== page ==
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nature, and commending, among other important subjects a provincial congress, and that the collectors of taxes, and all officers who have public monies in their hands, retain the same until the civil government of the province be placed upon a constitutional foundation, or until it shall otherwise be ordered by the provincial congress; having been taken into consideration-it was unanimously agreed, “That this assembly deeply feels the sufferings of their countrymen in Massachussetts Bay under the operation of the late unjust, cruel, and oppressive acts of the British parliament, that they most thoroughly approve the wisdom and fortitude with which the opposition to these wicked ministerial measures has hitherto been conducted, and they earnestly recommend to their brethren, a perseverance in the same firm and temperate conduct as expressed in the resolutions determined upon at a meeting of the delegates for the county of Suffolk, trusting that the effect of the united efforts of North America in their behalf will carry such conviction to the British nation of the unwise, unjust, and ruinous policy of the present administration, as quickly to introduce better men and wiser ineasures.”
charter of the colony, that sacred barrier against the encroachments of tyranny is mutilated, and in effect annihilated; whereby a murderous law is framed to shelter villains from the hands of justice; whereby the unalienable and inestimable inheritance, which we derived from nature, the constitution of Britain, and the privileges warranted to us in the charter of the province, is totally wrecked, annulled, and vacated: posterity will acknowledge that virtue which preserved them free and happy; and while we enjoy the rewards and blessings of the faithful, the torrent of panegyrists will "extol our reputations to that latest period, when the streains of time shall be absorbed in the abyss of eternity. Therefore resolved," &c. &c. &c.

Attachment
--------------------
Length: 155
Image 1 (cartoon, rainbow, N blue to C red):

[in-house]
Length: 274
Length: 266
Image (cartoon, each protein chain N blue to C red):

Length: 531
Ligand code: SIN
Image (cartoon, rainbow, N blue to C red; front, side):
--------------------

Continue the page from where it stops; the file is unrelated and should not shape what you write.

It was also resolved unanimously, " that contributions from all the colonies for supplying the necessities, and alleviating the distresses, of our brethren at Boston, ought to be continued in such manner, and so long, as their occasions may require."
The merchants of the several colonies were re. quested not to send to Great Britain any orders for goods, and to direct the execution of all orders al. ready sent to be suspended until the sense of congress, on the means to be taken for the preservation of the liberties of America, be made public. In a few days, resolutions were entered into, suspending the importation of goods from Great Britain or Ireland, or any of their dependencies, and of their manufactures from any place whatever, after the first day of the succeeding December ; and against the purchase or use of such goods. It was also determined that all exports to Great Britain, Ireland, and the West Indies, should cease on the 10th of September, 1775, unless American grievances should be redressed before that time. An association corresponding with these resolutions was then framed,
and signed by every member present. Never were laws more faithfully observed than the resolves of congress at this period, and their association was of consequence universally adopted. . ; Very early in the session, a declaration of rights,
* “Whereas, since the close of the last war, the British parliament, claiming a power of right to bind the people of America by statutes in all cases whatsoever, hath in some acts expressly imposed taxes upon them; and, in others, under various preterices, but in fact for the purpose of raising a revenue, liath imposed rates and duties payable in these colonies, established a board of commissioners with unconstitutional powers, and extended the jurisdiction of courts of admirally, not only for collecting the said duties, but for the trial of causes merely arising within the body of a county. :
And whereas, in consequence of other statutes, judges, who before held only estales at will in their offices, have been made de. pendent on the crown alone for their salaries, and standing armies kept in time of peace: and whereas, it has lately been resolved in parliament, that by force of a statute made in the thirty-fifth year of the reign of King Henry VIII. colonists may be transported to England, and tried there upon accusations for treasons and misprisons, or concealments of treasons committed in the colonies, and by a late statute, such trials have been directed in cases therein mentioned.